Justin Smith, 30, lives four blocks from his father in a small town in Eastern North Carolina and sees him at least once a week.
Yet several times a year he receives a handwritten note from his dad, as he has for much of his life, offering support and encouragement.
“I’m having a hard time accepting the fact that our son is a SENIOR at Carolina!” his father wrote in August 2006. “I write this letter to you as a father full of pride in his son and his accomplishments.
“The next 9-10 months will be challenging for you. … I have no doubt you will (continue to) make significant contributions to make it a better world.”
These days Smith, a TV reporter for WECT in Wilmington, receives almost no mail at his home in Whiteville. When he sees a hand-addressed envelope, he knows who it’s from. “I don’t think I get handwritten notes from anybody else,” Smith told me. “When you open the mailbox and there’s a note hand-addressed to you, it immediately sort of stops you in your tracks.”
One note from his dad, addressed to Smith and his wife, thanked them for their service to their community.
“I want to tell you both how very proud I am of both of you,” it said. “The two of you are great young people who have gotten very involved in your community. Please know you have our full support and love.”
Smith’s father, Steve, 64, is a retired businessman who has always believed in the power of a handwritten letter. When Justin was in middle school, his father gave him a box of personalized note cards to encourage his son to start writing.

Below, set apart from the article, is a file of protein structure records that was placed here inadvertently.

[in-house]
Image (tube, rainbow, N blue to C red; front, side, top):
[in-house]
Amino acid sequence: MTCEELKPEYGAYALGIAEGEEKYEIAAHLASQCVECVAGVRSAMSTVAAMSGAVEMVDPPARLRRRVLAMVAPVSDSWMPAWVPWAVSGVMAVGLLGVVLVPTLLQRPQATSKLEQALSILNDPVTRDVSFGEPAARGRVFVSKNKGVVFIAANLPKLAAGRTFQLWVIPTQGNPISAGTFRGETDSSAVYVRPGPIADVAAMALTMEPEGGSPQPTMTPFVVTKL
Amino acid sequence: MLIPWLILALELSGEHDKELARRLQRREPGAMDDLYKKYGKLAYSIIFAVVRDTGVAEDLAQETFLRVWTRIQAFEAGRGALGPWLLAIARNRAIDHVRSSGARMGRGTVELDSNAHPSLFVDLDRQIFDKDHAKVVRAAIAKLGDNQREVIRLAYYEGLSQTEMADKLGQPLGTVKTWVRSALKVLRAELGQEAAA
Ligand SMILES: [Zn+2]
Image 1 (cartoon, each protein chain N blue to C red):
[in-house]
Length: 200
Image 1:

“I’m a believer that handwritten notes are kind of a lost art in this day of social media. We need to keep it alive,” Steve Smith said. “It sends a message to the receiver and to the writer that you stopped what you were doing and totally focused on that person for a few minutes.”
You might write something in a letter that you would be reluctant to say verbally, he said. In his letters to Justin, his pride is evident.
Concern and love
Steve Smith believes no form of digital communication has the same one-on-one power as a note or letter. Email, he said, is for conveying facts; notes, written with his trusty Parker Duofold pen, are for conveying emotion. “It’s a signal of effort,” he said, “that for me equates to concern and love.”
Steve Smith saved letters his father wrote him. Justin Smith has saved letters his dad wrote him.
So did I. I have a thick folder full of letters my father wrote me, which started when I was in college in 1980 and continued for more than two decades.
In my 20s, my father often gave career advice, including balancing work with personal life. In my 30s, when my wife and I had three daughters, my father often wrote about his granddaughters.
He was certain they were the smartest, most beautiful granddaughters ever. At one point, he was rooting for me to have a son. “Today,” he wrote, “I don’t even think about that.”
My father, born in the 1930s, was Old School in person, often formal and self conscious about expressing emotion to his children.
But in his long letters he was warm and effusive, revealing another side. Several times he closed with, “Thank you for being our son.” He always ended, “Love, Dad.”
My father’s gone now. But as I re-read these old letters in his slanted, jagged handwriting, the years roll past page by page. I can hear his voice, supportive and reassuring, as if he were in the room with me.
It’s a good voice.
Drescher: 919-829-4515 or firstname.lastname@example.org; Twitter: @john_drescher